PSMA-ADC shows positive results in Phase I clinical trial in advanced mCRPC

According to data presented today at the Symposium on Molecular Targets and Cancer Therapeutics in Dublin, Ireland, a new type of targeted drug therapy has shown early positive results in men with metastatic, castration-resistant porstate cancer (mCRPC) who had also failed at least two forms of chemotherapy.

A media release from the European Cancer Organization (ECCO) states that the new form of therapy directly targets prostate cancer cells carrying a molecule known as prostate-specific membrane antigen or PSMA. The drug does this by combining a targeting agent (a PSMA monoclonal antiobody) and a cancer cell-killing agent called monomethyl auristatin E (MMAE). MMAE disrupts tubulins — the molecules inside cancer cells that are essential for cell division.

We shall simply refer to this drug as PSMA-ADC, which stands for PSMA antibody-drug conjugate.

The media release is relatively light on specific data, but what we know at this time is the following:

  • A Phase I trial has been completed in 50 men at doses of PSMA-ADC between 0.4 and 2.8 mg/kg for four cylces of therapy with each cycle lasting 3 weeks.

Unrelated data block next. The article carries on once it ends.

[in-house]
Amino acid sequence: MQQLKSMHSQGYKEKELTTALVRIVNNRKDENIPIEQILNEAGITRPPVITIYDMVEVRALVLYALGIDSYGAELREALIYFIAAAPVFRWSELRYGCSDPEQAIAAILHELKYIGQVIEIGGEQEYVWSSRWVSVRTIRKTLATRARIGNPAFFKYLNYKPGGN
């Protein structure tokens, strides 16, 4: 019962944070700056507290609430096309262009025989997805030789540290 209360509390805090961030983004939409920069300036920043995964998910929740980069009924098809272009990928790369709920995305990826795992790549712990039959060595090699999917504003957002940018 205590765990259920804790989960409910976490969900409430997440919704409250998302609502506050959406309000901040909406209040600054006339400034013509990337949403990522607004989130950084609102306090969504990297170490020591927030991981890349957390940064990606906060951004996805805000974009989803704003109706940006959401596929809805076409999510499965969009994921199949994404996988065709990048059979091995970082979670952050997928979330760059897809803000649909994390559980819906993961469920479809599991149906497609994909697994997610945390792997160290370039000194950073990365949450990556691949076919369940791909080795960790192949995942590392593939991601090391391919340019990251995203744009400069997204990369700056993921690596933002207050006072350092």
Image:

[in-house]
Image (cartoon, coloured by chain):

• Anti-tumor activity was observed in patients who were treated at the higher doses.
  • About 50 percent of patients treated with doses of ≥ 1.8 mg/kg showed 
    • A ≥ 50 percent reduction in PSA levels, or
    • A reduction in serum levels of circulating tumor cells (CTCs)  to less than five cells per 7.5 ml of blood, or
    • Both of the above
  • The drug was “generally well tolerated”, but
    • Neutropenia (low levels of white blood cells) was significant at the highest dose of the drug (2.8 mg/kg).
    • One patient died on the highest dose of the drug but “the cause of the death is unclear.”
  • A Phase II trial of PSMA-ADC in up to 75 patients has been initiated.
  • The dose of PSMA-ADC to be used in this Phase II trial will be 2.5 mg/kg.

There is no reference to the drug’s developer in the media release, but this certainly appears to be the compound under development in association with Progenics Pharmaceuticals, Inc. Clearly there is a considerable way to go before this compound is actually shown to have sufficient efficacy and safety for widespread use in the treatment of mCRPC.

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